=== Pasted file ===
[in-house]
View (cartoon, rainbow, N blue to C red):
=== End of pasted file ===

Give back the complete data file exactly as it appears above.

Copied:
[in-house]
View (cartoon, rainbow, N blue to C red):